Arrian[21] writes....He (Alexander) then marched forward against the Mardians[1] taking with him the shield-bearing guards, the archers, the Agrianians, the brigades of Coenus and Amyntas, half of the Companion cavalry, and the horse-lancers; for he had now a troop of horse-lancers. Traversing the greater part of the land of the Mardians, he killed many of them in their flight, some indeed having turned to defend themselves; and many were taken prisoners. No one for a long time had invaded their land in a hostile manner, not only on account of its ruggedness, but also because the people were poor, and besides being poor were warlike. Therefore they never feared that Alexander would attack them, especially as he had already advanced, further than their country. For this reason they were caught more easily off their guard. Many of them, however, escaped into the mountains, which in their land are very lofty and craggy, thinking that Alexander would not penetrate to these at any rate. But when he was approaching them even here, they sent envoys to surrender both the people and their land to him. He pardoned them, and appointed Autophradates, whom he had also recently placed over the Tapurians, viceroy over them. Returning to the camp, from which he had started to invade the country of the Mardians, he found that the Grecian mercenaries of Darius had arrived, accompanied by the envoys from the Lacedaemonians who were on an embassy to king Darius. The names of these men were, Callicratidas, Pausippus, Monimus, Onomas, and Dropides, a man from Athens. These were arrested and kept under guard; but he released the envoys from the Sinopeans,[2] because these people had no share in the commonwealth of the Greeks; and as they were in subjection to the Persians, they did not seem to be doing anything unreasonable in going on an embassy to their own king. He also released the rest of the Greeks who were serving for pay with the Persians before the peace and alliance which had been made by the Greeks with the Macedonians. He likewise released Heraclides, the ambassador from the Chalcedonians[3] to Darius. The rest he ordered to serve in his army for the same pay as they had received from the Persian king, putting them under the command of Andronicus, who had led them, and had evidently been taking prudent measures to save the lives of the men.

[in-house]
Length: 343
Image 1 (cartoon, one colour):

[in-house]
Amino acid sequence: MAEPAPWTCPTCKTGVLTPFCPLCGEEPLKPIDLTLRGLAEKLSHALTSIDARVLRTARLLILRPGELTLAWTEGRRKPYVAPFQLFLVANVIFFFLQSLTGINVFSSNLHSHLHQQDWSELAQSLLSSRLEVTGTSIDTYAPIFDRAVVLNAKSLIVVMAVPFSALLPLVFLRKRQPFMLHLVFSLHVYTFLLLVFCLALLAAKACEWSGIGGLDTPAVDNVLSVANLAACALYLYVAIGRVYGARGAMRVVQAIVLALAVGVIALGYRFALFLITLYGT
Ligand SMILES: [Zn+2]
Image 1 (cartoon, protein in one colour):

1. Cf. Curtius, vi. 16.

2. Sinope was a prosperous colony of Miletus on the Euxine. It is still called Sinoub. It was the birthplace of Diogenes.

3. Chalcedon was a colony of Megara, situated on the Propontis at the entrance of the Bosporus, nearly opposite Byzantium.

p.189-191

Parthian Stations